Literature authors that inspire you/get in your head

#1

Wondering how many others find inspiration in specific authors, living or dead, especially those with high artistic aims. You know, people you read in an English class.

The ones who seem most often to be in my head in a weird mix are George Eliot, Charlotte Brontë, James Joyce, Nabokov, Emily Dickinson, Camille Paglia, Hunter S. Thompson, Toni Morrison, Shakespeare. It makes for a weird word gumbo where I either weave in their words or thoughts or find myself trying to BLOCK their words or thoughts.

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#2

Gerald Murnane and Henning Mankell are my most recent inspirations.

#3

Harper Lee!

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#5

Longer comment than I intended, but the factor here is an historical author leaving out information the surely they must know.

Perhaps a better way to put it: you can tell the difference between a work that’s real old, and a work that’s kind of old but not really antique, by how much information they give or leave out for the reader.

Nobody wants a long musing on the origins of the Gothic cathedral (which in a way is kind of lazy in its own way), but I also want at least a little context where certain events happens in say the 1820s, or 1830s, or 1840s.

We take for granted decade differences in the 20th century. Why should historical fiction be any different? My only guess is Hugo … wasn’t doing historical fiction in all cases.

But to actually be moved by a work of literature in any way besides anger and frustration is a bit more rare. And not for the reasons they might want me to be to angry, this is important. (If you want to be an activist, go out there and actually be an activist.)

Poe is a positive example of this exception, but mainly in his poetry.

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#6
  • J.K. Rowling
  • Anne Rice
  • Cynthia Leitich Smith

^ The above authors are pretty much the ones that inspire me the most/get in my head. Of course, there are numerous other authors that I enjoy/respect, but I’ll leave it at those three for now. :+1:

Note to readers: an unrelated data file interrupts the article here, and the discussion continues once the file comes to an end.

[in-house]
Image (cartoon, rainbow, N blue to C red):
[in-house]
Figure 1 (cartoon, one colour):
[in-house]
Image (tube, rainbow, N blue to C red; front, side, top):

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#7

Oh, my. There are so many.

  • James Joyce: My favorite author, though I write nothing like him.
  • David Mitchell: A master at creating fantasy based on characters and themes with literary depth.
  • Thomas Pynchon: I often include screwball characters who believe weird stuff. Thanks to Pynchon. Like Joyce, he can be hard to read. But so worth the effort.
  • I love Toni Morrison, Shakespeare, and Jemsyn Ward.
  • … And Stephen King. He’s an unsung hero. From him, I learned that even the weirdest, most way-out fantasy can become a page-turner if you create captivating characters that readers want to follow.

This is far from exhaustive, but it reflects where I’m at right now.

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#8

I’m a big fan of Joyce, Morrison, and Shakespeare. Among the others you mentioned, which one do you recommend giving a whirl next? Pynchon?

#9

Interesting group! I’ve read Rowling and Rice, but not Cynthia Leitich Smith. I’ll check her works out.

#10

I like your observation about being able to date the work based on how much detail is put in or left out. That’s so much at the center of a writer’s choice: what to put in and what to leave out.

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#11

Right, for example you can tell how old a romance or horror is, based on the proportion of censorship to the actual content.

These days it takes more to censor a book, because there isn’t as much cultural expectation to “fade to black” for uncomfortable scenes.